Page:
Editor Paul Larkins always looks on the bright side
Years ago my college coach would always greet us every morning with the same question; “How ya doin’,” he’d ask in his thick New York drawl, always much harsher it seemed at 6am, the time he insisted the team met up. The answer, we quickly learned, whatever the weather, however we felt always had to be the same: “Super good, but I’ll get better.”
To us Brits that may seem a little too American, a bit over the top and definitely it was tough for a teenaged Brit like me to come to terms with, but do you know what, more than three decades later that’s still my answer whenever anyone asks how I’m doing. Even if I’m injured, my last race was rubbish and as it currently stands, that 1000-mile total looks like a tall order!
The year started perfectly well; 1000 miles? Tcch, not a problem. I’ll do that by May. Well, May has come and gone and following 8 weeks of half running, half hobbling because of a calf niggle, so has that early hope I’ll hit the target comfortably. I’m running comfortably again, so I reckon I’ll do it, but it did, for those eight weeks get me asking Why did we set such a tough total? Well, you know the answer. Because it’s a fabulous achievement and anyone who gets even halfway close is doing superb. Super good in fact.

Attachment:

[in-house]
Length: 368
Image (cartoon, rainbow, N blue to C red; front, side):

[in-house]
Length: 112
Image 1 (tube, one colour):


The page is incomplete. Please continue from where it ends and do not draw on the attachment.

That’s my point and coach’s thinking. There will be days when everything seems like an uphill struggle. Running, for all its amazing benefits, is like that. Motivation will wane, real life will get in the way and sadly, for a few of us, injuries will slow progress. But coach knew that. He used that simple philosophy that you should always look on the bright side; if you do, well then things will indeed get easier, you will hit those goals you dreamed about and if you don’t, well then you’ve had a great time getting close!
Talking of hitting goals, here’s one I failed to achieve but actually feel rather pleased with myself that I got close. I went to run in the Hawkshead 17km recently and despite endless warnings about a notorious hill aptly named ‘The Coffin’ and its kick in the tail, I attempted to run all the way up. ‘Hah, I've conquered you,” I thought as I ran across a plateau after about 10min of climbing this killer, obviously forgetting those words of warning. I had duelled my way up with a couple of other runners and had boldly pulled away in those final few minutes. Of course, you know what’s coming, I hadn’t reached the top. There was another climb to conquer, which promptly reduced me to a crawl and my two mid-race rivals disappeared into the distance.
The final few miles were terrible; a mixture of jogging and walking rather than the picture I had in my mind of flying across the finishing line. 'How did you do,” asked one runner, answering the question herself as I had beaten her by a couple of minutes. “You were great. You must have been fantastic to be so high up.”
Smiling, I replied. “It was super good, but I most definitely will get better.”
Have fun! And remember, in our eyes 200, 400, 723, or 1045 miles for 2018 mean just one thing - there’s more to come in 2019.